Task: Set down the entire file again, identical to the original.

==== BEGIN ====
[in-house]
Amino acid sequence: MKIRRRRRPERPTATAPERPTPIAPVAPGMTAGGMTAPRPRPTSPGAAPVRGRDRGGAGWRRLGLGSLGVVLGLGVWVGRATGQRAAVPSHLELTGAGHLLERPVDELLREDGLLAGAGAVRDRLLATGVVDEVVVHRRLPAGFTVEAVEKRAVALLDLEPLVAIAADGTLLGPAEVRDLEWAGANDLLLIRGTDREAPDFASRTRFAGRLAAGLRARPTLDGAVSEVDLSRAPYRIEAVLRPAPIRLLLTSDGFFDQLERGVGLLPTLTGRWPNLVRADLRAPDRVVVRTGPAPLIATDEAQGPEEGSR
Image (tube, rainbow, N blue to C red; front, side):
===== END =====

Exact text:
[in-house]
Amino acid sequence: MKIRRRRRPERPTATAPERPTPIAPVAPGMTAGGMTAPRPRPTSPGAAPVRGRDRGGAGWRRLGLGSLGVVLGLGVWVGRATGQRAAVPSHLELTGAGHLLERPVDELLREDGLLAGAGAVRDRLLATGVVDEVVVHRRLPAGFTVEAVEKRAVALLDLEPLVAIAADGTLLGPAEVRDLEWAGANDLLLIRGTDREAPDFASRTRFAGRLAAGLRARPTLDGAVSEVDLSRAPYRIEAVLRPAPIRLLLTSDGFFDQLERGVGLLPTLTGRWPNLVRADLRAPDRVVVRTGPAPLIATDEAQGPEEGSR
Image (tube, rainbow, N blue to C red; front, side):